The quality of multiple sequence alignments plays an important role in the accuracy of phylogenetic inference. It has been shown that removing ambiguously aligned regions, but also other sources of bias such as highly variable (saturated) characters, can improve the overall performance of many phylogenetic reconstruction methods. A current scientific trend is to build phylogenetic trees from a large number of sequence datasets (semi-)automatically extracted from numerous complete genomes. Because these approaches do not allow a precise manual curation of each dataset, there exists a real need for efficient bioinformatic tools dedicated to this alignment character trimming step.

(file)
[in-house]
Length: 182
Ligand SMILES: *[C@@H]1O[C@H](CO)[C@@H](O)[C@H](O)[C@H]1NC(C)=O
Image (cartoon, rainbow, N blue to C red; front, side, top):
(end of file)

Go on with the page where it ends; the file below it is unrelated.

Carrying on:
BMGE (Block Mapping and Gathering with Entropy) was designed to select regions in a multiple sequence alignment that are suited for phylogenetic inference. For each character, BMGE computes a score closely related to an entropy value. Calculation of these entropy-like scores is weighted with BLOSUM or PAM similarity matrices in order to distinguish among biologically expected and unexpected variability for each aligned character. Sets of contiguous characters with a score above a given threshold are considered as not suited for phylogenetic inference and then removed. Simulation analyses show that the character trimming performed by BMGE produces datasets leading to accurate trees, especially with alignments including distantly-related sequences. BMGE also implements recoding methods aimed at minimizing phylogeny reconstruction artefacts due to compositional heterogeneity.